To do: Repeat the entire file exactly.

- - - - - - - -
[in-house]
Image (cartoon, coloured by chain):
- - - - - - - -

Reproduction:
[in-house]
Image (cartoon, coloured by chain):